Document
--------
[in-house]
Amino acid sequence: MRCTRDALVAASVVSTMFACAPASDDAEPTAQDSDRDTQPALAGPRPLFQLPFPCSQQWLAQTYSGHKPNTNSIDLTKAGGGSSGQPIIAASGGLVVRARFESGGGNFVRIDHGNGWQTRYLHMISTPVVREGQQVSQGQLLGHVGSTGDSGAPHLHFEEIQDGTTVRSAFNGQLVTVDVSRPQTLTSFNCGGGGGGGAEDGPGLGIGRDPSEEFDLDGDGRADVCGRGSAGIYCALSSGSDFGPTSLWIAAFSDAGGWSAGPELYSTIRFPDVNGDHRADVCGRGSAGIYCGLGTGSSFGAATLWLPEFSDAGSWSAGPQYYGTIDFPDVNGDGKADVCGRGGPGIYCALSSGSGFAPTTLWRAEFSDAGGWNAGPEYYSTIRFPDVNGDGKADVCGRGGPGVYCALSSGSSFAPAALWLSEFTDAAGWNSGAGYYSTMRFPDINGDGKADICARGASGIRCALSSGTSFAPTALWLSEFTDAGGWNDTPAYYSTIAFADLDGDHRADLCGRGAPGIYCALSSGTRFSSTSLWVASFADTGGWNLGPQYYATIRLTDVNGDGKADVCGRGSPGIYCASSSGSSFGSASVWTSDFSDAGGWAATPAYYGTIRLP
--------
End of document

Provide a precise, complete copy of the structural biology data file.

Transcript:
[in-house]
Amino acid sequence: MRCTRDALVAASVVSTMFACAPASDDAEPTAQDSDRDTQPALAGPRPLFQLPFPCSQQWLAQTYSGHKPNTNSIDLTKAGGGSSGQPIIAASGGLVVRARFESGGGNFVRIDHGNGWQTRYLHMISTPVVREGQQVSQGQLLGHVGSTGDSGAPHLHFEEIQDGTTVRSAFNGQLVTVDVSRPQTLTSFNCGGGGGGGAEDGPGLGIGRDPSEEFDLDGDGRADVCGRGSAGIYCALSSGSDFGPTSLWIAAFSDAGGWSAGPELYSTIRFPDVNGDHRADVCGRGSAGIYCGLGTGSSFGAATLWLPEFSDAGSWSAGPQYYGTIDFPDVNGDGKADVCGRGGPGIYCALSSGSGFAPTTLWRAEFSDAGGWNAGPEYYSTIRFPDVNGDGKADVCGRGGPGVYCALSSGSSFAPAALWLSEFTDAAGWNSGAGYYSTMRFPDINGDGKADICARGASGIRCALSSGTSFAPTALWLSEFTDAGGWNDTPAYYSTIAFADLDGDHRADLCGRGAPGIYCALSSGTRFSSTSLWVASFADTGGWNLGPQYYATIRLTDVNGDGKADVCGRGSPGIYCASSSGSSFGSASVWTSDFSDAGGWAATPAYYGTIRLP